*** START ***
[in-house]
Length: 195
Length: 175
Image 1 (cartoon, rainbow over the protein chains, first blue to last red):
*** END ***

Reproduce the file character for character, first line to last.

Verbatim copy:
[in-house]
Length: 195
Length: 175
Image 1 (cartoon, rainbow over the protein chains, first blue to last red):